He tells her that she does not have to have the operation, but tells her it is the best thing to do. The girl begins to think, “And if I do it you'll be happy and things will be okay like they were and you'll love me” (Hemingway 107)? He reassures her that he loves her now. Jig is more realistic about the situation and the consequences in front of her. She knows that she is going to make the ultimate decision, although she is asking for reassurance from the American(Short Stories for Students). The girl also knows that regardless of her situation, their relationship might not work out anyway. The choice to abort or not abort the baby ultimately leaves her with the same consequence: life without the American.
Like most stories, the women are mostly known for their vulnerability and being less powerful than men; this is one of the major comparisons between these two different works. In “Hills like White Elephants”, the foreign woman Jig, and her boyfriend the American, are contemplating on going through with an operation, seeking to be an abortion. Hemingway demonstrates to the reader hands on how much Jig depends a lot on the American. Since she couldn’t even order herself something to drink without him, let alone make such a difficult decision. The American, otherwise known as the more stronger character, knows exactly what he wants and sticks by his choice when filling the girl’s mind with promises of being happy and being able to go back to the way things used to be. Because of Hemingway’s “iceberg theory” distracts most of the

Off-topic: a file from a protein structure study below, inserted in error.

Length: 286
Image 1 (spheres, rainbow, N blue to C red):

The setting of the two stories, is similar in that it presents the gradual sequences of the plot, and the deterioration of the couple's relationship. In “Hills Like White Elephants”, the setting represents a junction in the relationship between the couple: “The hills across the valley of the Ebro were long and white. On this
In both stories, the major underlying thematic base is the powerlessness and vulnerability the female characters have under the dominance of the men in their lives. In “Hills like White Elephants,” the girl, who we know as Jig, and her partner, known as the America, are discussing the possibility of an operation; the reader can infer this operation to be an abortion. Hemingway makes it a point to establish the dependence Jig has on the American by